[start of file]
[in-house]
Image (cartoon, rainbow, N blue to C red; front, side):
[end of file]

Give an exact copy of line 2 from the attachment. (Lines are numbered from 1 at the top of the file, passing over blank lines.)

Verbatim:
Image (cartoon, rainbow, N blue to C red; front, side):